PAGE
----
Limerick reception for iconic jazz artist Cassandra Wilson

American artiste Cassandra Wilson duets with musician Brian Finn for his take on 'The Parting Glass' Photo: Liam Burke

AN enthusiastic céad míle fáilte sounded out by Mayor Seán Lynch on Monday night in City Hall to “distinguished guests” Cassandra Wilson, regarded as the world’s greatest living jazz singer, and her band members Lonnie Plaxico and Brandon Ross.

Led by the New York based Irish musician David O’Rourke – producing her next album and organiser of her four-stop tour – Mayor Lynch welcomed the American party with hosts Limerick Jazz Society to platform a mayoral reception “to her adopted Irish city”. All prior to that pub gig she had sought out, Dolan’s Warehouse this Saturday November 4.

A double Grammy winner, brilliant guitarist and composer, gifted in soul, traditional music and country, Cassandra has collaborated with Courtney Pine, Luther Vandross, Kurt Elling, Elvis Costello, Buddy Rich. She is here on the trail of Irish roots as much as to perform. This Jackson, Mississippi born artist is 21 per cent Irish.

Mayor Lynch introduced her as “the most iconic jazz singer of our generation and blessed with a distinguished and flexible voice. You have the ability to attract audiences from across the broad spectrum of musical history, and that says it all”.

Talking to Limerick Post, Cassandra spoke about her quest to explore both music and family heritage while on the island of Ireland. “In my spiritual system is very important to acknowledge ancestors. The relationship to Ireland was

confirmed after three tests that showed a substantial amount of Irish ancestry. [DNA] strand L161 is found in half blood genomes and although quite rare across the world, is very strong here in Ireland.

“There’s a particular concentration of it here, found in the North and West and going back to 3,000 or 4,000 years ago. This fascinates me.”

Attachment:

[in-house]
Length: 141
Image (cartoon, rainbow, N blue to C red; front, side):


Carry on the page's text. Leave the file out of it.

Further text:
There are family trees of interest to Cassandra Wilson with respect to indicators of a connection: her mother’s maiden name Fowlkes; then Fenn or Finn; and Key/ Kea/ McKey, according to her research done.  Donegal is high on her list for discovery.

Another mission is to raise “the importance of Irish music in the development of American pop music, something very few people talk about. Of course American music comes from all sorts of strains but I feel Irish music to be the one neglected the most”.

She’s looking ahead to the variety of music and musicians in her tour, singing variously with sean nós artist Derbhile Ní Bhrollacháin, Liam O Maonlaí and others. “I am looking forward to each concert – all four will be different”.

Indeed. At the behest of Mayor Lynch, musician and singer Brian Finn supplied the entertainment at the evening gig on Monday 30, ranging from ‘Sean South’ to ‘Shut Up and Dance with Me’ as gaeilge. And with Ms Wilson intrigued by Irish trad, folk and contemporary music, he will now join her on stage in Dolan’s Warehouse on Saturday 4 along with John Davis on drums and Niall Vallely on concertina, whistles. They support her American corps of David O’Rourke on guitar, Brandon Ross, guitar; Lonnie Plaxico, bass and Don Helder, production.